April 20, 2010

Taking a Hard Look At Drug Policy

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Depending on whom you ask, you will probably hear a different reason for the legalization — in some form or another — of marijuana. Many would prefer legalization solely for medical users. Some point out that legalizing and taxing marijuana would help refill depleted state coffers. Others note that marijuana is generally considered to be less dangerous than alcohol and tobacco; that it was outlawed for corrupt, illegitimate reasons to begin with; that marijuana-related arrests (89 percent of which are for possession, not trafficking or selling) now make up half of all drug-related arrests.

The United States’s first experiment with prohibition (1920-1933) was repealed and generally regarded as a failure, and if the smell wafting around Barton Hall on Sunday night was any indication, this ill-conceived experiment has not worked either. Just as surely as moonshine was quaffed in speakeasies 90 years ago, marijuana is still smoked. In the most recent anonymous survey conducted by Gannett Health Services, almost 20 percent of the responding Cornellians said they had smoked marijuana in the past 30 days.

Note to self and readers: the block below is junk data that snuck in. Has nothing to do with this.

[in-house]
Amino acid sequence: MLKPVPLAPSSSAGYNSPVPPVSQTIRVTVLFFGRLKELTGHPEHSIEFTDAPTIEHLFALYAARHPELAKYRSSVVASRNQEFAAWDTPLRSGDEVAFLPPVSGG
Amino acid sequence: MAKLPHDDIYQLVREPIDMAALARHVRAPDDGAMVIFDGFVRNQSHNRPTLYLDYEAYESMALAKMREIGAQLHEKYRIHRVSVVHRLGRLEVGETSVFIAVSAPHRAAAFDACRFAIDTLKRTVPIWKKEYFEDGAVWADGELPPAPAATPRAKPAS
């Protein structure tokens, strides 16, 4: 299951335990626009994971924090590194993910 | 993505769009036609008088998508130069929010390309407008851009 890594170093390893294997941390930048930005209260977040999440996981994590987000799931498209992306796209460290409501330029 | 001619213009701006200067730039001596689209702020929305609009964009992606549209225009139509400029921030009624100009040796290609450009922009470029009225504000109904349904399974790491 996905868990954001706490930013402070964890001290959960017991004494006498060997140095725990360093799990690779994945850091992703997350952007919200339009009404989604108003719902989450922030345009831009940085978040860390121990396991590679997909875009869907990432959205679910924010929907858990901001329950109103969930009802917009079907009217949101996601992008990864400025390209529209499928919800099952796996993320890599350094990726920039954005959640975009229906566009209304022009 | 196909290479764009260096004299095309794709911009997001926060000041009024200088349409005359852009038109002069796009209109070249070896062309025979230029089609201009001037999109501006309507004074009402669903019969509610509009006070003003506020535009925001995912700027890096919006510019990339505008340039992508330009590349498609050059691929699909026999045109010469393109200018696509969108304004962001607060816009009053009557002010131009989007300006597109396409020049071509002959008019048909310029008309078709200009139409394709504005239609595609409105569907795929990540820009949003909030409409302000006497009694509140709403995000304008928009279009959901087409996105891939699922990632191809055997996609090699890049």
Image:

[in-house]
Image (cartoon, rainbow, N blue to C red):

The most convincing and fundamental reason for re-thinking the current federal policy on marijuana use is simple: It would return control to the government. No matter the perceived “problems” with current marijuana usage — and those vary from person to person — one possible solution to is letting the government regulate and benefit from the marijuana industry that can no longer be ignored. But when policymakers stick to their “War on Drugs” guns, march out the police and close their eyes, the problem does not disappear.

There are positive signs: 14 states currently allow medical marijuana, and six allow dispensaries to sell medical marijuana. The cannabusiness is booming. California, despite an impotent and nearly bankrupt government, saw $2 billion of potentially taxable revenue from the medical marijuana industry last year. So, things are not all bad on the bud front. But, policy inertia is notoriously difficult to overcome — marijuana has been illegal for a long time and too many people are content with what they see as a perfectly acceptable status quo. We must consider the ugly side of the status quo — murderous drug wars, inflating rates of incarceration, a steady stream of funding for criminal organizations — to make a reasoned judgment on the many questions surrounding marijuana policy.

As one of the most revered reefers of all time crooned: “None but ourselves can free our minds.”